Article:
We've done very little promotion for CA over the years. Our policy has always been to put our money into the production of the magazine itself. Fortunately, that worked and our paid circulation grew very rapidly to a commanding lead. In the mid-’80s, circulation peaked at about 55,000, and we decided to launch a limited ad campaign to see if we could increase our circulation further. We didn’t want heavy-handed slogans and claims, but something that was fun while it reminded potential readers to subscribe.
In 1987, we contacted Goodby, Berlin & Silverstein in San Francisco, who conducted research, including several focus groups. They found many positive things: CA is the magazine where everyone would most like to have their work shown; CA also has a high “pass-along” readership that reads it regularly, but doesn't subscribe.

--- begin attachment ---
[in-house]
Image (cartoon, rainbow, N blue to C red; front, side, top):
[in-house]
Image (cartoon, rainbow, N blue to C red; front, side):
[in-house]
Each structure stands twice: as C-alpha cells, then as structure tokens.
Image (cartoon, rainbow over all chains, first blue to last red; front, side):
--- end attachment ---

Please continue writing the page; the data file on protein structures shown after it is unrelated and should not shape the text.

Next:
After contacting several respected creative professionals, the agency discovered that more than a few used some very inventive methods for preventing unintended “borrowing” of their issues. A strategy was born.
The ads were written by David Fowler, art directed by Rich Silverstein and the portraits were shot by Marc Hauser. Two ads, not shown here, featured Roger Black, then art director of Trips magazine in San Francisco, who asked, “Why doesn't anybody steal the magazines I design?” and McRay Magleby, then art director of BYU Graphics in Provo, Utah, who stated, “For some reason, people do not steal CA here.”
In the end, we received only a small increase in new subscriptions, but a significant boost in renewals. Once again proving the difficulty of predicting the results of any promotion.
We’re grateful to the wonderful people in our industry who agreed to be in these ads, and hope they don’t mind seeing themselves again, 22 years later. ca